Fading magazine empire Time Inc. is currently trying to negotiate a new contract with the Newspaper Guild, a union that represents several hundred of the company's editorial employees. Time Inc. would like the right to eliminate most of their jobs.

It is useful to contemplate how far Time Inc. has fallen in just the past decade or so. A once-great publishing empire with titles like People and Sports Illustrated and Time and Fortune is now just struggling for relevance (and dollars) as the media world changes around it. Last month, we reported on a much-derided internal SI spreadsheet that graded editorial employees for layoffs based upon categories including how "beneficial to advertiser relationships" their "content" was. That was bad in a mostly symbolic way. Now, the union tells us about a contract provision that could be catastrophic to writers in a very real way.

It is generally terrifying to be an editorial employee of a magazine company in 2014. When you see actual numbers on how doomed the future of your job could be, it is specifically terrifying. In the current Time Inc. negotiations with the Guild, this is what the company proposed in the "Subcontracting" portion of the contract—that is, this is what it wants to reserve the right to do to the jobs of these union members:

This means that Time Inc. wants the right to subcontract—or even to outsource overseas, which the company has plainly stated as one of its business strategies—a full 60% of the jobs of these employees. That is most of them! And that is what they want to afford to the minority of their editorial employees who do have the protection of a union. This is not some sort of hidden scandal so much as it is a stark statement of just how committed one of America's most prestigious magazine companies is to eliminating "full time jobs" as a category under its corporate umbrella.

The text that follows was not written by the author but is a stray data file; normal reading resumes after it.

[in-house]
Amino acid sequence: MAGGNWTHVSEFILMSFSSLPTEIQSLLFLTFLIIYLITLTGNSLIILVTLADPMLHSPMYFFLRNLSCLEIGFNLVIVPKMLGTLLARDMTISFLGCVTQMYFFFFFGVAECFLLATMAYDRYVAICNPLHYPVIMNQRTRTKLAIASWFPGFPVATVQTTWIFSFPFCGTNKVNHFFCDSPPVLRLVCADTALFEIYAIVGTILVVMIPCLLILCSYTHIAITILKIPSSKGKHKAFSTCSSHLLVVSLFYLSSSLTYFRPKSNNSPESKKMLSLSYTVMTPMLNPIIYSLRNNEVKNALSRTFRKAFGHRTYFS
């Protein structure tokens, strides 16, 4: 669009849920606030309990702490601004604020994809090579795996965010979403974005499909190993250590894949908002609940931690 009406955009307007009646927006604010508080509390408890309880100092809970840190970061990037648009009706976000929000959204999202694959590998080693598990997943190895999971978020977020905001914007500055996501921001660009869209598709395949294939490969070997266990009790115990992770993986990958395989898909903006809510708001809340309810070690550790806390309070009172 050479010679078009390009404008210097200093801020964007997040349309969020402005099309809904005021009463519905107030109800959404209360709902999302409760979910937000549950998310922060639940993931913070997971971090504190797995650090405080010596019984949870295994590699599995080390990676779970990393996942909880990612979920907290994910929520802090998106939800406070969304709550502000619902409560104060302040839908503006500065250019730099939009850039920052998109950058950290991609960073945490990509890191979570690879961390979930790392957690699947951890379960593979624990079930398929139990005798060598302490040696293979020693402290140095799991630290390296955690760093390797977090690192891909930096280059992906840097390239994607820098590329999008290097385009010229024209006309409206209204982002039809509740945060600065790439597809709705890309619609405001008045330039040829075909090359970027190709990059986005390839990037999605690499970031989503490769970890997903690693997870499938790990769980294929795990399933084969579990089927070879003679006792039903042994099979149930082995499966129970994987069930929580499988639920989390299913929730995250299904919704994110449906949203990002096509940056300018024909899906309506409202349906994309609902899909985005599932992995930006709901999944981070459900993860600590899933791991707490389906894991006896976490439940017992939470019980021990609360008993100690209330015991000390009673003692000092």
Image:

Subcontracting is the new being on staff.

Anthony Napoli, a Guild representative for Time Inc. employees, points out that it is not just the full time employees who have something to worry about—the proposed language would also give Time Inc. the right to outsource any temporary positions. So all part-time employees currently working for Time Inc. titles should consider their jobs threatened in a very real sense. "If you combine the two proposals the real percentage of jobs they would be allowed to subcontract would be more like 70-75% of all employees represented by the Guild," Napoli told us. "Given the fact we represent copy editors, writers, photographers, researchers, imaging specialist, print production employees among others I think it safe to assume any and all of these jobs would be impacted by subcontracting."

How willing would Time Inc. be to exercise the right to eliminate these jobs? And how soon? And where would they go? And if this is what union members get, how worried should the thousands of non-union Time Inc. employees be? We asked Time Inc. Their spokesperson, Teri Everett, told us: "we are not going to negotiate in the press."

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